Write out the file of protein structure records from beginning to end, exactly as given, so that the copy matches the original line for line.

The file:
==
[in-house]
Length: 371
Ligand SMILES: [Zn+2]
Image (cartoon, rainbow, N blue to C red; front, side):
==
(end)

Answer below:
[in-house]
Length: 371
Ligand SMILES: [Zn+2]
Image (cartoon, rainbow, N blue to C red; front, side):